Yip Yew Chong Mural
One of the three murals painted in Tiong Bahru by local artist Yip Yew Chong

3. Spiral Staircases

A stroll along Tiong Bahru made me realise that many of its flats still have spiral staircases, influenced by British architecture. The stark contrast between the old flats and modern HDBs was a rare and beautiful sight.

Back Alley in Tiong Bahru
I stumbled across a back alley in Tiong Bahru which displayed the beautiful contrast of old and new architecture

But while Tiong Bahru does have a rich history, the price of food there gives it’s true atas identity away. With shops serving desserts that cost more than an average meal in Singapore, Tiong Bahru hardly qualifies as your down-to-earth neighbourhood.

Tiong Bahru appears to represent the essence of Singapore’s transition, from old to new. There is confusion in the landscape as the neighbourhood attempts to adapt to this jarring difference. Cafes pride themselves in looking like part of old-time Singapore, while offering modern hipster food. Shops appear to be old and rundown on the outside, but are designed like Pinterest mood boards on the inside.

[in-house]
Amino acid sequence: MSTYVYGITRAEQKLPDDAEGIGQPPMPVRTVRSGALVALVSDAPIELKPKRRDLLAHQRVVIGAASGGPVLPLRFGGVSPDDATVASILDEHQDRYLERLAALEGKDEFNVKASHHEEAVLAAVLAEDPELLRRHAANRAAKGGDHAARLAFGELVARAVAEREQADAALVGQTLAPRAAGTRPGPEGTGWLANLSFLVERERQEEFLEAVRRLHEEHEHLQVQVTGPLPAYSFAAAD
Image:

Here are some of Tiong Bahru’s many hipster hideouts:

1. Bincho at Hua Bee

Located at the ground floor of Moh Guan Terrace, this unassuming Mee Pok stall in the day turns into a Japanese restaurant at night. Bet you couldn’t tell that this is a Japanese restaurant from the outside.

Bincho at Tiong Bahru
How does this look like an entrance to a Japanese restaurant? Talk about disguise.

2. Woods in the Books

A whimsical-looking local bookstore that specialises in picture books.

Woods in the Books Tiong Bahru
The fairytale vibe of this bookstore coupled with its huge collection of picture books made it a great place to visit

3. Cat Socrates

Sells a wide range of items, ranging from household decorations to unique local memorabilia. They even have a section catered to items with cat prints. As a Singaporean, I never thought that I would be interested in local souvenirs, but the ones at Cat Socrates caught my eye.